Director: John Flynn
Frank Langella/Det. Hayden
T. Ryder Smith/Trickster
Young horror fan Michael (Furlong) plays an interactive video game called “Brainscan” that has him killing for real…or does it? With the help of some supernatural punk-ish moron named Trickster (Smith), Mikey tries to beat the clock and win the deadly challenge.
Even though “Brainscan” had this kiddy “Nickelodeon” type of feel to it, I still found some “Bang Bus” to be had while watching it. I really dug the initial premise of having an interactive video game go all out in the “slaytime” department and I mucho appreciated the execution of it through the first person POV shots that put us in the same shoes as the lead. Fun times! I wish I could play that game for real; I got a couple of scores to settle. Where can I order it? Written by screenwriter Andrew Kevin Walker (of "Se7en" fame), Brainscan’s main strength was surprisingly not in its horror elements, but in its portrayal of the main genre lover character Michael (Furlong).
Any kid that reads Fangoria, plays peeping Norman Bates on his sexy neighbor and has an “Igor” answering machine (Igor rocked!) is all good on my slab. Witnessing what pushed this horror/game fan to venture into his private little world and keep the rest of society ostracized involved me the most. I related to him to at one point in my life and I’m sure that many other horror fans will as well. Granted, the dramatic themes we’re handled in an “After School Special” type of obvious way, but to see them addressed in the first place was a treat. The film went on to deliver semi-gripping unraveling of murderous events with the cop subplot (Langella is the man!), thankfully adding some extra tension to the whole. We also got cheesy visual effects that were pretty kool to witness and an occasional charismatic somber feel here and there.
But every rose has a thorn that pricks and here that prick was called The “Trickster” (Smith). This useless “villain” was basically a cross between Beetlejuice, Freddy Krueger, my last “Goth chick” one night stand and Ronald McFucko. You got it folks, I found him to be quite annoying. Every time he’d show up, I’d get the violent urge to bash his head in and hurl my Denny’s into my lap, but that’s my own shit going on I guess. The good news is that as the clock-time moved forward, the sucka kind of grew on me like fungus on a 1951 Playboy Playmate of the Year and some of the humor he brought in became somewhat funny. Having said that, I still think the movie would’ve been more effective without the token “marketing tool” horror buffoon. He toned down the edge of the flick drastically and ruined a lot of the more horror-inclined moments. But you gotta appeal to the kiddies, right?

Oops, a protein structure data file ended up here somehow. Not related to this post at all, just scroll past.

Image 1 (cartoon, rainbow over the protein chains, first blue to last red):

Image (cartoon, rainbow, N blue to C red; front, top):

The other blow to the balls was that character-wise, most of the supporting players tickled my nerves to oblivion via awful dialogue (blame the screenwriter on that one) and bad acting. The best friend named Kyle (Marsh), in particular, was just begging for a random beating. He came across as such a beeyatch. If one of my buds ever told me “Best buddies forever” after an amicable handshake, I’d sucker-punch the bastard for saying that and he’d thank me for it afterwards with a pint of Guinness. COME ON! How corny can you get! You gonna give him a hand job too?